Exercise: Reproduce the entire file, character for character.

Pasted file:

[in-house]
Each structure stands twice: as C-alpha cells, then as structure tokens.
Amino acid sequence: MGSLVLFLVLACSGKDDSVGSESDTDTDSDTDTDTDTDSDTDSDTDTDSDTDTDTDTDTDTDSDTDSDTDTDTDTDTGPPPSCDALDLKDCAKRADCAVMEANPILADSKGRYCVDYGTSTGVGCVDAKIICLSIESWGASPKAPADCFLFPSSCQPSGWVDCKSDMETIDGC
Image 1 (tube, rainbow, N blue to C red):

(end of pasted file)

[in-house]
Each structure stands twice: as C-alpha cells, then as structure tokens.
Amino acid sequence: MGSLVLFLVLACSGKDDSVGSESDTDTDSDTDTDTDTDSDTDSDTDTDSDTDTDTDTDTDTDSDTDSDTDTDTDTDTGPPPSCDALDLKDCAKRADCAVMEANPILADSKGRYCVDYGTSTGVGCVDAKIICLSIESWGASPKAPADCFLFPSSCQPSGWVDCKSDMETIDGC
Image 1 (tube, rainbow, N blue to C red):